For Christmas I decided to make my daughter I few new dresses. I also wanted to sew a simple knit dress to help her learn to fit and sew garments for herself. I chose Simplicity 2054 because it is very simple and gives options to make a crew or turtleneck top.
I started with making the usual adjustments for my daughter. There are three basic adjustments: pigeon chest, sway back, and decrease width across the center back.
Simplicity describes this pattern as a Misses' knit dress with a cowl collar.
It comes in sizes 6 to 22. I used size 10 with modifications.
I changed the style of the dress. It was a loose fit. For the fabric I selected, the loose fit would not work. So my version, didn't exactly look like the picture or drawing.
I only looked at the instructions to be able to comment on them in this review. They were typical and straight forward. Nothing confusing about them.
There are a few reasons why I selected this pattern. The first is I liked that it was simple. The fabric that I chose is the "speaker" in this garment. So a simple pattern worked best. The second reason was to alter a pattern for DD that she could try to make it for herself. Throughout the adjustment phase of the process, I told her why I made the adjustments. I also talked a little about the sewing process. I'm sure I'll have to give her another lesson when she is ready to try it on her own. And the third and final reason why I selected this particular pattern is because it can serve as a great sloper for future garments of a similar style. It can also be used to make t-shirts and turtlenecks.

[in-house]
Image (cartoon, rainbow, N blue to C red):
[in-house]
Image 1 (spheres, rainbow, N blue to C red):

The navy fabric was purchased at Stone Mountain and Daughter (San Francisco). It's a medium weight knit with raised waves running crosswise. It has about 30 percent stretch and was very easy to sew.
The first adjustment I made was to the front dress. DD's upper chest is slightly rounded, like a bird. Her RTW tops and dresses pull across the shoulders and upper arm. Vogue Sewing describes this alteration as a pigeon chest adjustment. I made the horizontal slash a few inches below the armhole, to give her a little more room across the bust area. Then I made a vertical slash up to the shoulder seam then spread the pattern as needed. This adjustment increases the length of the side seam of the front. I just eased the difference in above the notch. No dart needed.
The next adjustments are to the back. I started with the sway back adjustment. It's a small one, which consists of a horizontal tuck across the lower back. I think because DD's chest protrudes, her center back is slightly concave. So I have to make a vertical tuck within the neckline curve of the back of the pattern. This adjustment removes the pooling that occurs. The tuck is only needed for the back area. So I have to add to the sides to make sure there is enough ease/room in the hip area. This is usually done as I cut. For this dress I didn't add to the side seams. There was enough ease built into the pattern.
After I cut the front and back dress out, I pin fit it to see how the dress would fit and look on DD. It was shapeless, like a sack. So I created shape. I pinned the silhouette I envisioned. Then I used tailor chalk to mark the stitching line on both sides of the dress (wrong side of the fabric). After that was done, sewing it together was a piece of cake.
We will probably use this pattern over and over. It's a great sloper for other garments and we can modify it to make tops.